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The Future of SQL
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Several venture-backed startups have recently embraced the idea of database server appliances once again, sometimes in the form of database caching servers that reside in a network between the application and an enterprise database. In such a configuration, the absolute transparency of the cache is critical, and the emergence of MySQL as an extremely popular open source database has helped to enable that transparency. Many of the database appliances run MySQL software, so the application accessing the database can t tell whether it is communicating with the appliance or with MySQL running on a conventional server. Oracle has also reenergized the database appliance concept, announcing a high-end Oracle database appliance whose hardware comes from Hewlett-Packard.
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SQL Standardization
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The adoption of an official ANSI/ISO SQL standard was one of the major factors that secured SQL s place as the standard relational database language in the 1980s. Compliance with the ANSI/ISO standard has become a check-off item for evaluating DBMS products, so each DBMS vendor claims that its product is compatible with or based on the ANSI/ISO standard. Through the next 20 years, all of the popular DBMS products evolved to conform to the parts of the standard that represented common usage. Other parts, such as the module language, were effectively ignored. This produced slow convergence around a core SQL language in popular DBMS products. As discussed in 3, the original SQL standard was relatively weak, with many omissions and areas that are left as implementation choices. For several years, the standards committee worked on an expanded SQL2 standard that remedied those weaknesses and that significantly extended the SQL language. Unlike the first SQL standard, which specified features that were already available in most SQL products, the SQL2 standard, when it was published in 1992, was an attempt to lead rather than follow the market. It specified features and functions that were not yet widely implemented in current DBMS products. Some of these features, such as its enhanced join capabilities and broader use of subqueries, are effectively mainstream capabilities today, while others, even if widely implemented, have not been widely adopted. The same pattern has continued with subsequent revisions of the SQL standard, published in 1999, in 2003, and over the last few years. The size of the standard has grown substantially, more than tripling in the progression from SQL2 to today s full standard, which is divided into almost a dozen different subparts. In newer areas, such as the incorporation of XML, the race continues between proprietary innovation by the DBMS vendors seeking competitive advantage and the evolution of the standard to ensure SQL portability. The likely future path of SQL standardization appears to be a continuation of the trajectory followed in recent years. The core of the SQL language will continue to be highly standard. More features will slowly become a part of the core and will be defined as add-on packages or new standards in their own right. Database vendors will continue to add new, proprietary features in an ongoing effort to differentiate their products and respond to emerging market requirements. Over time, the proprietary features that become the most popular will become the features where customers demand standardization, and the vendors and standards committees will respond.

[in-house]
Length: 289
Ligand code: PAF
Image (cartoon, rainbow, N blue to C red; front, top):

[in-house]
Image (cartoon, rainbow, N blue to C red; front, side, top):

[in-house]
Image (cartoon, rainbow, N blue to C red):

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Part VI:
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SQL Today and Tomorrow
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SQL in the Next Decade
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Predicting the path of the database market and SQL over the next five to ten years is a risky proposition. Each major technology wave over the past three decades has had a significant impact on data management and SQL. The emergence of the PC and its creation of the client/server era of the 1980s and 1990s is an early example. More recently, the emergence of the Internet and its browser-based architecture has produced a new wave of Internetbased data management, delivered as Web Services. Going forward, the Internet appears poised to become truly ubiquitous, with broadband or wireless networks interconnecting every type of electronic device. It s likely that this next stage of the Internet revolution could have an even more disruptive impact on the data management architectures of the future than the first wave of Internet deployment had over the last decade. Nonetheless, several trends appear to be safe predictions for the future evolution of database management. They are discussed in the final sections of this chapter.
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